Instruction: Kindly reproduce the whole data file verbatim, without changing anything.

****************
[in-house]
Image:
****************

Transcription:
[in-house]
Image: